After the first race, there are definitely a couple of minutes on the table just from experience. You are able to put together a more accurate plan on how you should attack the workout. Then it’s just consistent, frequent training. You don’t need to do anything fancy, you just need to be doing strength, endurance, and running. Practice the movements, put them together, and do variations of workouts. Keep revisiting benchmarks so you can see your progress and build from there. Focus mostly on your weaknesses, and your results will definitely get better.
THL: Hyrox is a very demanding race both physically but also mentally. Has your mental approach to the race changed at all?
BW: I actually don’t think it has. I know I’ve heard a lot of the top athletes talk about drawing on experiences that were harder. I probably haven’t been in any situation where I’ve been physically more exhausted than in a Hyrox race. But whatever I’m doing, I’ll put my full effort into it and maximize my capacity. For many years, I’ve been doing whatever I can to perform my best and never give up until the whistle blows. That’s been the mentality that I’ve taken into Hyrox. I just suck every little bit of potential out of myself. And I love competing. Winning is an insanely good feeling. That’s a huge motivator when you're within a race and even with training.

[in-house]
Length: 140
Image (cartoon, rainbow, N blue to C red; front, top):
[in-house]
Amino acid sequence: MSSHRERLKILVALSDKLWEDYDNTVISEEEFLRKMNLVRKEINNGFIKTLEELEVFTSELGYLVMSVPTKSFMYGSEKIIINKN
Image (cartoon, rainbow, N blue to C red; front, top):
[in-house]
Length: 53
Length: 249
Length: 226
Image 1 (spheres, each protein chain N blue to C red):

During the race, I don’t have a dialogue with myself. I don’t have a quote that I repeat. I am constantly analyzing where I’m at, what I’m doing, and how I’m feeling. I’m trying to stay on that red line. Not tipping over and not letting up too much. I’m analyzing and seeing if I can push anymore right now. Or if this is enough, or if this is too much, and I just gauge my effort at that. I try not to pay much attention to where the people around me are until the back half of the race. I try to really be internal for the front half. In the back half, I try to really race people and calculate how far I am behind someone and where I can make up ground.
You can find more insight and training tips from Beau Wills on Instagram.
Hybrid athlete of the week: Nicole Fisher
Name: Nicole Fisher
Hometown: Germantown, Maryland
When did you start competing in hybrid events? I had been competing in Spartan races for many years, and that training is similar, so I had a good base when I started focusing on Hyrox. Immie (Cross), my doubles race partner, and I met at a Spartan race a few years ago. After that, we started training together and became close friends. One day, she mentioned Hyrox to me and asked if I wanted to team up with her for doubles. I never say no to her!